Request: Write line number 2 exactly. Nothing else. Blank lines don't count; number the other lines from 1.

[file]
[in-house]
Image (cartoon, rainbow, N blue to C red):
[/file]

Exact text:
Image (cartoon, rainbow, N blue to C red):